Capturing the value added to a paper during peer review

26 September 2019

Preprints accelerate science by making research accessible prior to journal publication, but peer-review often substantially improves papers. While for a long time the review history of a paper was not visible to anyone apart from the authors and reviewers/editors, recently, increasing numbers of journals have started publishing this information alongside the paper (including The Company of Biologists journals Development and Journal of Cell Science). This can provide insightful details to the reader about how the authors dealt with reviewer concerns, but there is still a long way to go until most journals adopt transparent peer review, and even then, readers might wish to get a more succinct overview about the improvements that happened from preprint to the version of record.


preLights posts currently contain a preprint digest with author comments in response to questions raised by the preLighters. The digest also automatically links to the peer-reviewed version of the paper once published in a journal. To expand this conversation, we would now like to include the author’s comments about the peer-review process. Rather than providing a full list of changes, we ask authors to explain what they feel were the key improvements to their study that resulted from peer review, and tell us whether the reviewers’ comments changed their perspective of the study.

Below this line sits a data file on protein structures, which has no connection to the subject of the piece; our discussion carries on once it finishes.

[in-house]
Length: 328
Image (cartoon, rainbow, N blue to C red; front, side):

This idea originated from one of our preLighters, Gautam Dey. Together with ASAPbio, he hopes to create a database that pairs preprints with their published articles and peer review reports where available. This database could then be used as an educational resource for teaching students about peer review. He has piloted this idea in a classroom setting by asking early-stage graduate students to compare a preprint with its final published version as a way to encourage constructive critique, as well as open a window into the peer review process.


Another motivation for including comments on peer review stems from the large number of views preLights posts get several months after they are published, especially at the time of journal publication. Once updated with author comments to reflect the changes arising from peer review, the preLights posts could essentially serve as a ‘News & views’ of the published paper.

Therefore, we would like to invite all authors whose work we have featured so far to provide a short comment below the preLights post, answering the question “In your view, what were the most important things you improved in your study as a result of peer review?”.